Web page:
But Perry also has a blatant conflict of interest involving the Waste Control Specialists, LLC (WCS) radioactive waste dump in Andrews County, Texas.* WCS's owner, Dallas billionaire Harold Simmons, was a top campaign contributor to Rick Perry -- and numerous other Republican candidates and causes -- over the course of many years, even decades. In return, the administration of Texas Governor Rick Perry approved every permit, expansion, and license WCS applied for, despite the risks to people and environment. Now WCS has applied to the U.S. Nuclear Regulatory Commission to construct and operate a de facto permanent parking lot dump for more than half of the commercial irradiated nuclear fuel (high-level radioactive waste) that currently exists from all across the country. Its sole customer would be the U.S. Department of Energy, which Trump has tapped Perry to lead. Taxpayers would pay all the costs, and be burdened with all the liabilities, while WCS -- reported 11 months ago to still be owned and controlled by Harold Simmons' family (he died in late 2013) -- would make billions of dollars.

Beyond Nuclear has prepared a backgrounder about Perry's blatant conflict of interest with Waste Control Specialists, entitled Radioactive Waste is Good for You, or: How I Learned to Stop Worrying and Love Rick Perry as Energy Secretary.

(Counterpunch published this article on Monday, Jan. 9th.)

In addition to the Food & Water Watch webform email to your U.S. Senators linked above, you can also phone your U.S. Senators via the U.S. Capitol Switchboard at (202) 224-3121. Urge them to block former Texas governor Rick Perry's nomination as Energy Secretary. (You can also look up your U.S. Senators' direct phone numbers, fax numbers, webforms to send emails, etc. at this website.)

If you U.S. Senator happens to serve as a member of the Energy and Natural Resources (ENR) Committee, your contacting them is especially critical right now. Rick Perry's nomination could be blocked in the ENR committee, before it ever reaches the full Senate floor. Please take action ASAP!

The schedule for the ENR Committee confirmation hearing for Rick Perry has just been announced: the hearing will take place at 10am Eastern on Thursday, Jan. 19th.

[See also: U.S. Sen. Ed Markey's (D-MA) statement re: President-elect Trump's nomination of former Texas governor Rick Perry as Energy Secretary; Rick Perry, as Energy Secretary, May Be Press to Resume Nuclear Tests; and an article by Jeffrey Lewis, founding publisher of in Foreign Policy entitled "Not Even Rick Perry Is Stupid Enough to Resume Testing Nuclear Weapons."]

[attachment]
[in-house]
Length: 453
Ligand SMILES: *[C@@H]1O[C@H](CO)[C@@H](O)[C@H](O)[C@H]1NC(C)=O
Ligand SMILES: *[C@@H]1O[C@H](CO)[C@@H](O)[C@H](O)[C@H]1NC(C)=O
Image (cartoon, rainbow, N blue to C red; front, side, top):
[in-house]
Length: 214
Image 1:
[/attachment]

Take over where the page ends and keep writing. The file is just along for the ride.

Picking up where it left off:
*WCS is the lead "private initiative" for so-called centralized interim storage (de facto permanent parking lot dump) for commercial irradiated nuclear fuel in the U.S., followed by the Eddy-Lea [Counties] Energy Alliance in Hobbs, New Mexico (less than 50 miles from WCS). However, AFCI in Loving County, TX, and Culberson County, TX, are also in the running. Both WCS and AFCI have close connections to Trump's pick for Energy Secretary, former TX governor Rick Perry, representing a blatant conflict of interest and ethical violation.

As reported by the Austin American-Statesman: "Austin attorney Bill Jones, Perry’s former general counsel before Perry appointed him to the Texas A&M University System Board of Regents and then the Texas Parks and Wildlife Commission, has been involved in a years-long effort to land an interim storage facility in Texas."

For more information, see these two Austin American-Statesman articles for more information on the AFCI proposal(s): "Will Rick Perry brings high-level radioactive waste to Texas?", January 8, 2017; "Two Austin attorneys seeking radioactive waste deal," August 9, 2014.


WIPP claims to be back in business, nearly three years after severe radioactive contamination of underground facility, and environmental release impacting workers

As reported by the Carlsbad, New Mexico Current-Argus and the Albuquerque Journal, the Waste Isolation Pilot Plant (WIPP) has emplaced the first trans-uranic (TRU) -- plutonium-contaminated nuclear weapons-related -- waste in nearly three years.

The Journal article reports:

“What they are doing is very risky,” said Don Hancock of the Southwest Research and Information Center in Albuquerque, a longtime WIPP watchdog group. “There still is a lot of contamination in the underground. Workers have to use protective equipment, which makes it slow and more likely to have problems.”

In February 2014, WIPP suffered two disasters in just several days. The first was an underground haul truck fire, that sent a couple dozen workers to the emergency room with smoke inhalation. One worker suffered permanent disability.

The second disaster (which took place on Valentine's Day, 2014) involved an underground barrel burst, which contaminated a large part of the underground WIPP facility with TRU, and even resulted in radioactive releases to the atmosphere, which then fell out downwind in the surface environment. Another couple dozen workers above ground suffered internal alpha particle inhalation, significantly increasing their risk for lung cancer in the future.

Estimates for the recovery from the barrel burst range from $1 billion (L.A. Times) to $2 billion (a recent DOE admission). Federal taxpayers will be forced to pay for this.

Recent problems at WIPP include the collapse of ceilings in the underground mine, caused by lack of maintenance due to the complications of protecting workers in full body suits and respirators, given the serious contamination. One of many recent collapses happened near workers.

The rush to restart WIPP emplacement operations, despite the risks, is likely due to the end of the Obama administration, on Jan. 20th. Energy Secretary Moniz, who will attend an ironic VIP ribbon cutting ceremony at WIPP next Monday (WIPP began operations in 1999!), would likely relish being able to say WIPP restarted on his watch.

WIPP is the first and only deep geologic repository for radioactive waste disposal in the U.S., and so is held up as a poster child of success, as the U.S. Department of Energy and rest of the nuclear industry seek DGRs (or DUDs, for Deep Underground Dumps) for such other waste streams as highly radioactive commercial irradiated nuclear fuel.